I trust Gray, and would never trust Rafford’s take. How could you? He’s the man who assisted Jim Donahue and his ridiculous assertions Donahue penned in “The Earhart Disappearance and The British Connection.”

    Les Kinney

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    1. Les,

      Are you saying Rafford was lying about what Charlie Winter and Bob Thiebert told him about Earhart refusing Pan Am’s help and Thiebert’s installation of the radio loop in Miami? If so, that’s a tough accusation, one I find hard to swallow.

      Mike

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  4. The stuff you are describing unfortunately has become “Earhart Lore.” Where is Rafford’s source material for his statements? When and where did he get this information? Are there letters or documents backing up his assertions? Was Rafford, as a nineteen year old working for Pan Am in Miami at that time? Did Charlie White and Bob Thiebert document their accounts? if so, when?
    There is no question the Electra went through some radio modifications in Miami but Rafford is reaching .

    Just because a lot of people told me Earhart crashed and sank. Should I believe them?

    Les Kinney

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    1. OK Les, you want documentation to back up Rafford’s statements, and apparently we have none. So in this context “reaching” has become a euphemism for “lying,” if I’m reading you correctly. Personally I believe Rafford was telling the truth about what he was told by Winter and Thibert. Either of them might have been dishonest, but in these two incidents I’ll take Rafford’s word for it.

      Remember, we still have the plane discovered in Papua New Guinea in 1945 with the Electra’s Construction Number, C/N 1055. That has yet to be explained, and a direct tie-in with a plane switch in Miami seems plausible.

      Mike

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  5. William H. Trail | Reply

    Greetings to All:

    AE’s seemingly cavalier refusal of PAA’s offer to track her via their three Pacific Division HF/DF stations, her signing off early from Harry Balfour, not establishing two-way communications with Itasca, and not staying on the air long enough for Cipriani to get a fix on her location are very telling. Every move has a purpose, and every move reveals something.

    I believe the arguments regarding Paul Rafford vs Almon Gray, and the veracity of Miami based PAA mechanics Charlie Winter and Bob Thiebert vis-a-vis radio/antenna modifications to the Electra, although interesting, nonetheless miss the point. Yes, details are important in any investigation. They should never be ignored or neglected. However, details have weighted value, and what is truly important here is not radio experts, aircraft mechanics, or loop antennas, but rather the actions of AE.

    Mrs. Ellen Belotti’s 1971 revelation to Fred Goerner regarding ONI’s confiscation of PAA records pertaining to AE, and their admonishment to employees to say nothing about it had a very specific purpose and is also very revealing. If AE and FN truly could not find Howland Island, flew until they ran the tanks dry, ditched, and perished in the ocean as the U.S. Government and some others maintain, why would ONI care what may or may not be in old PAA files?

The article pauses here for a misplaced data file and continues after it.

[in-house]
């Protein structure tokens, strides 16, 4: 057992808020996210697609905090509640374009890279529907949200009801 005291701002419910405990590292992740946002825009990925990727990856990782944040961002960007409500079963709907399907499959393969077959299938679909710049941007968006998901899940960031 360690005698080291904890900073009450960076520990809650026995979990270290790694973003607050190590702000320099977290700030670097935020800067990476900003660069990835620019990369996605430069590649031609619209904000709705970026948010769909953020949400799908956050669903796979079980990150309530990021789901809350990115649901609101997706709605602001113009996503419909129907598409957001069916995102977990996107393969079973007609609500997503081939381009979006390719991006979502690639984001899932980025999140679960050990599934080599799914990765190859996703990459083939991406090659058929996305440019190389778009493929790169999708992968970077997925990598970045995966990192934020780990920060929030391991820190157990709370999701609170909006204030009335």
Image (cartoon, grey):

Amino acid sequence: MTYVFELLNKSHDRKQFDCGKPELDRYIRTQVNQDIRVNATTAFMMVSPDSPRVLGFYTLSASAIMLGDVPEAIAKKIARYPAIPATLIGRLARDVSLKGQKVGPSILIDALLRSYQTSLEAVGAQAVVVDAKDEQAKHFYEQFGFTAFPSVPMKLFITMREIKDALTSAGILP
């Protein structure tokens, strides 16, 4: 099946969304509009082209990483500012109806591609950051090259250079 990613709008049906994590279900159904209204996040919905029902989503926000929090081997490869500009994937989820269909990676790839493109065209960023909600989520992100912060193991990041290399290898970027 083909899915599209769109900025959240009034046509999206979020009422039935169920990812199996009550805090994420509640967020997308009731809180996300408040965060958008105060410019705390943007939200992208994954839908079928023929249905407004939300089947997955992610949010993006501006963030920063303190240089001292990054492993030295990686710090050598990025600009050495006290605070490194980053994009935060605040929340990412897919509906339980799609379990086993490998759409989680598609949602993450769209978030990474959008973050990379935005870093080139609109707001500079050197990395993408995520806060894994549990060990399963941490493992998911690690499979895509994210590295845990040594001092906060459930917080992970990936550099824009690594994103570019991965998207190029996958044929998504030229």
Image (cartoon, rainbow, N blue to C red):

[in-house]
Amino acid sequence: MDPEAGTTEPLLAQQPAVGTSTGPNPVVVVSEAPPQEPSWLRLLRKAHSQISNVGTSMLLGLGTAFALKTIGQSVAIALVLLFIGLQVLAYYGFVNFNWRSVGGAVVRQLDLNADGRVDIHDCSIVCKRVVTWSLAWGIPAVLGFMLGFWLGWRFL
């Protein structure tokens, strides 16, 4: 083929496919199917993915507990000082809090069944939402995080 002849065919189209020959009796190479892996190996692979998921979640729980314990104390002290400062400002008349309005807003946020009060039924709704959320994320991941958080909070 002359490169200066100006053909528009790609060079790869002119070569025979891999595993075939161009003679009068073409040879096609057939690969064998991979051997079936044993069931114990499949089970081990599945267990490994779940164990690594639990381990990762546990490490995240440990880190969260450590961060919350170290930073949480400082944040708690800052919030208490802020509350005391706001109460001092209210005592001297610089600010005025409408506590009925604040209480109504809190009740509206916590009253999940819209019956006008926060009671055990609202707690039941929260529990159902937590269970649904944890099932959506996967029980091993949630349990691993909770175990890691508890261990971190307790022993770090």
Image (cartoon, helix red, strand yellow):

All best,

    William

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    1. William, your points are well taken except for your first comment. Earhart asked for and accepted Pan Am’s offer to assist with DF bearings and tracking. There are plenty of news stories and corresponsive substantiating this fact.

      Earhart’s radio repairs in Miami were meant to repair the work done by Joe Gurr in Burbank which Pan Am in Miami felt was inadequate. Yet, we know when Earhart and Noonan left Puerto Rico they almost immediately began to have radio issues.

      Les Kinney

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      1. William H. Trail

        Les,

        Many thanks. For my edification and better understanding, as well as for others reading Mike’s blog, please site your source for AE’s request for and acceptance of PAA’s offer to assist with bearings and tracking across the Pacific.

        As for my comments, I’m citing Paul Rafford’s “Amelia Earhart’s Radio” (2006) published by The Paragon Agency, Publishers. Specifically, I refer to Rafford’s WWII conversation with radio engineer Charlie Winter, which is recounted on page 39; Rafford states that AE immediately rejected Winter’s suggestion (of PAA HF/DF tracking assistance across the Pacific) with the comment, “I don’t need that! I’ve got a navigator to tell me where I am.”

        After initially declining PAA’s offer of HF/DF tracking assistance, for AE to then request and accept it as you assert would seem to be quite the turn around. It raises lots of questions. Was Winter’s story correct? Rafford? If they were correct, what or who caused AE to change her mind?

        All best,

        William

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  6. When reading this blog, it occurs to me that AE’ radio transmissions were at best, evasive. Because she was such a public icon, we simply can’t compute her actions here. The reality was she was caught in a web of deception, apparently.

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  7. Amelia left the messy work of flight preparation to others. She had no real clue of how the radio worked nor did she take the time to learn the details. All she wanted was the ability to talk to someone on 3105 or 6210 kHz. Joe Gurr did a crappy job installing her antenna system in Burbank prior to the Electra’s flight to Miami. He was a “hammy” not a trained radio technician. The Pan Am technicians in Miami tore out Gurr’s work and reconfigured it. They too obviously screwed up. It wasn’t long after she took off from Miami her radio malfunctioned again. Whether it was the receiver, or transmitter, or one of the antennas or all of the above, we don’t know.